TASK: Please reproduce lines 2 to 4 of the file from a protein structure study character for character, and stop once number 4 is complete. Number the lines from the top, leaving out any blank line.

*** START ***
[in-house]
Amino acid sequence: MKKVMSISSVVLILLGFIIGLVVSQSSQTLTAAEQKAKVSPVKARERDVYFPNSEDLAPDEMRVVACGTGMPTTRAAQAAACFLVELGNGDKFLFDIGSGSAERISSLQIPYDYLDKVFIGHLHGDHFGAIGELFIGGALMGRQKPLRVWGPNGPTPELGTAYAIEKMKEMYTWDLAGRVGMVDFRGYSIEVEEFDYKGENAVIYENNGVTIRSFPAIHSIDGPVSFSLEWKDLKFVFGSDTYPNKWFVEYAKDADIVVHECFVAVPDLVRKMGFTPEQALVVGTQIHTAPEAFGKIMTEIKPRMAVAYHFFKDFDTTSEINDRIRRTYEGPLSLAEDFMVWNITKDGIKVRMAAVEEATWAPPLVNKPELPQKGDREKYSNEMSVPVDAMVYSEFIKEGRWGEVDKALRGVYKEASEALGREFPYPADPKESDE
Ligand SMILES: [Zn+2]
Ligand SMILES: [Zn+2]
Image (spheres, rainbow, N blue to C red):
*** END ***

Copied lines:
Amino acid sequence: MKKVMSISSVVLILLGFIIGLVVSQSSQTLTAAEQKAKVSPVKARERDVYFPNSEDLAPDEMRVVACGTGMPTTRAAQAAACFLVELGNGDKFLFDIGSGSAERISSLQIPYDYLDKVFIGHLHGDHFGAIGELFIGGALMGRQKPLRVWGPNGPTPELGTAYAIEKMKEMYTWDLAGRVGMVDFRGYSIEVEEFDYKGENAVIYENNGVTIRSFPAIHSIDGPVSFSLEWKDLKFVFGSDTYPNKWFVEYAKDADIVVHECFVAVPDLVRKMGFTPEQALVVGTQIHTAPEAFGKIMTEIKPRMAVAYHFFKDFDTTSEINDRIRRTYEGPLSLAEDFMVWNITKDGIKVRMAAVEEATWAPPLVNKPELPQKGDREKYSNEMSVPVDAMVYSEFIKEGRWGEVDKALRGVYKEASEALGREFPYPADPKESDE
Ligand SMILES: [Zn+2]
Ligand SMILES: [Zn+2]